Government has set aside $1 million to reward five schools that are showing academic improvements from utilisation of the tablet computers provided under the Tablets in Schools Pilot project.
Students who demonstrate excellent technology skills from use of the tablets will also benefit from the allocation.
Hon. Phillip Paulwell, the technology minister, said his ministry, along with the Ministry of Education, will be monitoring the progress of the 38 educational institutions that will benefit from the 25,000 computer tablets that are being provided under the project. The top five schools will share a total sum of $500,000.
“For those schools that show marked improvements over their previous situation, we are going to (make one award) for each category of school – basic, primary, high school, and teachers’ college. Those that come out on top, each will get $100,000 to show that the tablets are working,” Paulwell said.
He was addressing the tablet distribution at the St Benedict’s Primary School in St. Andrew last December, where 640 students were presented with devices.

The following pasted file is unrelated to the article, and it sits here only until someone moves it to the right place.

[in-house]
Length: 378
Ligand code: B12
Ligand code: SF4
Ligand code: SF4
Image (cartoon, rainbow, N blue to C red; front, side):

Noting the significant earning potential of persons who excel in science, technology, engineering and mathematics, Minister Paulwell said, “We will be watching to see how well the students perform in those subjects. We have another set of money to reward those schools, and those students.” Those with creative talents will be awarded $500,000.
“Where schools identify youngsters who (on their own) can create applications, who can do their own programming on our tablets, we are going to have a national competition where the best boy and girl will get $500,000,” he said.
Education Minister Hon. Ronald Thwaites, and Member of Parliament for East Rural St. Andrew, Hon. Damion Crawford, welcomed the computers for the students, while emphasising how it can aid their learning.
Meanwhile, Minister Paulwell reported that of the nine tablets that have been stolen, four have been recovered.
He said the tracking device on the computers helped in their recovery, and appealed to persons with the remaining five computers to leave them at the nearest police station or school. He warned that “once the authorities (police) have to go for them, arrests will be made”.
– Adapted from the Jamaica Observer